The present inventor has determined that composite images printed by conventional web offset printing press, are generally not suitable for providing acceptable stereographic pictures, due, primarily, to difficulty in maintaining registration between the composite image and the embossed screen. Web offset presses typically employ inks, which require drying at relatively high temperatures in order to evaporate solvents in the ink. The drying step, however, also tends to cause the paper to shrink, thus distorting the image printed thereon. Such shrinkage tends to be inconsistent, variable, and nonlinear. Shrinkage tends to vary with paper type, from one roll of paper of a given type to the next, and even within a given roll of paper, depending upon, e.g., variations in moisture content of the paper, and the instantaneous tension on the web. Thus, the images on the web after the drying process tend to vary in size and relative position from the image as printed, (e.g., reflected on the printing plates). While such size and positioned deviations are not significant in most applications, the critical registry between the image and image overlying screen in a stereographic print tends to be lost, resulting in an unacceptable stereographic print.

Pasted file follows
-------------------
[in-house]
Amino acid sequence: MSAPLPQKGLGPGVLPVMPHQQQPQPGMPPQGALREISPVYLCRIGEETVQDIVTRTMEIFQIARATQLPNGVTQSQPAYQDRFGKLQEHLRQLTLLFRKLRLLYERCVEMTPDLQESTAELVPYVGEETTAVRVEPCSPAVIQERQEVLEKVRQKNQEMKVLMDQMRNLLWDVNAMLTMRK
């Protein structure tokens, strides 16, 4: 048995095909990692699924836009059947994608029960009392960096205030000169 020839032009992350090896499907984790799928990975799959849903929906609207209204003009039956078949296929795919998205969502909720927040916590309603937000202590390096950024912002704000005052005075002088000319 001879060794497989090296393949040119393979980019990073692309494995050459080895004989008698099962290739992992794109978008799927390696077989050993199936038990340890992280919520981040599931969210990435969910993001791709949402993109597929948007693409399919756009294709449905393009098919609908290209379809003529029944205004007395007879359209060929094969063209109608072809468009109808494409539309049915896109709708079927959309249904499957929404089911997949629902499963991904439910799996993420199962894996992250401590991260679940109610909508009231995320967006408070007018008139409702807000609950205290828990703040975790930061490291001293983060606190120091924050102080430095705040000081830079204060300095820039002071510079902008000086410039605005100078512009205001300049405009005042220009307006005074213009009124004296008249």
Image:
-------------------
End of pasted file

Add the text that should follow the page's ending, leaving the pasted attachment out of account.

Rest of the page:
The present invention provides a method and apparatus employing a web offset printing press to print stereographic images. The present inventor has determined that by preshrinking (e.g., reducing the moisture content of) the paper prior to printing the composite image on the paper the subsequent ink drying operation does not cause shrinkage of the paper or concommitant variation of the image. Thus consistent reproductions of the composite image are produced and registry between the embossed screen and image can be maintained.